ANDREW GARVEY reviews the most 70s of horrors, Psychomania 1973!
YEAR RELEASED: 1973
DIRECTOR: Don Sharp
CAST: George Sanders, Nicky Henson, Mary Larkin, Ann Michelle, Roy Holder, Beryl Reid
Sometimes known by its alternative title, Death Wheelers (which at least makes some kind of sense) and directed by Don Sharp, who helmed a pair of Fu Manchu films and Hammer classic Rasputin the Mad Monk in the mid-1960s, Psychomania 1973 is about as 1970s as a film can get.
Biker gang the Living Dead (all eight of them) are led by Tom Latham – effectively a low-rent Alex from a Clockwork Orange – the posh son of a medium, who lives at home with his weird mother and her mysterious butler. Obsessed with the idea of dying and coming back, Tom decides to kill himself and when he does so, and inexplicably returns, he convinces his gang to follow him to the other side and back.
One thing that stands out immediately is a fantastic instrumental soundtrack by John Cameron (responsible for the Top of the Pops’ intro music throughout the ‘70s) that fits the film perfectly. It’s probably not too much of an exaggeration to say Cameron’s soundtrack does as much, atmospherically, for this film as Italian prog-rockers Goblin did for Dario Argento’s films in the ‘70s and ‘80s. The opening three minutes of slo-mo fog-shrouded biker antics in a stone circle are the perfect set-up for such a wacky film.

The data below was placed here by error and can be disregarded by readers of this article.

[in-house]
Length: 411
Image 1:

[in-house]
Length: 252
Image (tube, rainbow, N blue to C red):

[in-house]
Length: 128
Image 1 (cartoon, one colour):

But there’s more than just music. We also get a séance. And a magic mirror. And a mysterious black-walled room. Bikers, well, obviously we get bikers. And frogs. And ritual magic. And murders, lots of them (even if practically everything takes place offscreen). And a spate of quite silly suicides. There’s also one of the most ridiculous burials in cinema history.
We also get some great, cheddary dialogue. Tom certainly gets the best, throwing out corkers like “we blew a fellow’s mind. He went right through the windscreen. It was great fun.” He also at one point announces “well, I’m dead mother – but apart from that I couldn’t better” and tries to convince his reluctant girlfriend of the virtues of suicide, telling her “you can only die once. After that, nothing and no one, can harm you.”
A surprisingly bloodless film (most of the biker gang’s rampages involve driving really, really fast very close to pedestrians) for one with so many murders, the gruesome stuff is almost all implied or takes place offscreen. There’s never any real explanation of what’s going on, or why the gang can come back from the dead and the whole lot of them could ride side-by-side through some of the film’s gigantic plot holes.
Psychomania 1973 is not a scary horror film. But it is entertaining, ridiculous, trashy and funny, sometimes intentionally, sometimes not. And it’s very, very British.
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